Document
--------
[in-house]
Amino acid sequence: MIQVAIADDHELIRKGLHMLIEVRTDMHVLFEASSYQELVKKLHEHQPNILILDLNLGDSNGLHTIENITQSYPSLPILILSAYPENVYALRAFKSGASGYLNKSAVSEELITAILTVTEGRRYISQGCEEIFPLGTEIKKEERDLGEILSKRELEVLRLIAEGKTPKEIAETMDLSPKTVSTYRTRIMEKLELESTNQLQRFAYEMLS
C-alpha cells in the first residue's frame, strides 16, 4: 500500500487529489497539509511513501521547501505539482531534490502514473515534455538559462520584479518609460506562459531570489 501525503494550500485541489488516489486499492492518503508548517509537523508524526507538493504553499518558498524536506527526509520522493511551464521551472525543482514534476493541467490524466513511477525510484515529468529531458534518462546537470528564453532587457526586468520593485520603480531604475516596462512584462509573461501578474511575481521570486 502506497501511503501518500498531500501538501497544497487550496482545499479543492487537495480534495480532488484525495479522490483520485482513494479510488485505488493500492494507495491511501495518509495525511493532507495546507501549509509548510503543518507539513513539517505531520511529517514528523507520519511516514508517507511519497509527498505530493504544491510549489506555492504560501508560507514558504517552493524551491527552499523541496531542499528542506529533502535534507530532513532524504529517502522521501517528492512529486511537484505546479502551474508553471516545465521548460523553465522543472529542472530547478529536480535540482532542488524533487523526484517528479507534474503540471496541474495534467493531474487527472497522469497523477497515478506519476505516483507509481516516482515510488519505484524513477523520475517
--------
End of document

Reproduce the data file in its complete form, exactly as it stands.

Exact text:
[in-house]
Amino acid sequence: MIQVAIADDHELIRKGLHMLIEVRTDMHVLFEASSYQELVKKLHEHQPNILILDLNLGDSNGLHTIENITQSYPSLPILILSAYPENVYALRAFKSGASGYLNKSAVSEELITAILTVTEGRRYISQGCEEIFPLGTEIKKEERDLGEILSKRELEVLRLIAEGKTPKEIAETMDLSPKTVSTYRTRIMEKLELESTNQLQRFAYEMLS
C-alpha cells in the first residue's frame, strides 16, 4: 500500500487529489497539509511513501521547501505539482531534490502514473515534455538559462520584479518609460506562459531570489 501525503494550500485541489488516489486499492492518503508548517509537523508524526507538493504553499518558498524536506527526509520522493511551464521551472525543482514534476493541467490524466513511477525510484515529468529531458534518462546537470528564453532587457526586468520593485520603480531604475516596462512584462509573461501578474511575481521570486 502506497501511503501518500498531500501538501497544497487550496482545499479543492487537495480534495480532488484525495479522490483520485482513494479510488485505488493500492494507495491511501495518509495525511493532507495546507501549509509548510503543518507539513513539517505531520511529517514528523507520519511516514508517507511519497509527498505530493504544491510549489506555492504560501508560507514558504517552493524551491527552499523541496531542499528542506529533502535534507530532513532524504529517502522521501517528492512529486511537484505546479502551474508553471516545465521548460523553465522543472529542472530547478529536480535540482532542488524533487523526484517528479507534474503540471496541474495534467493531474487527472497522469497523477497515478506519476505516483507509481516516482515510488519505484524513477523520475517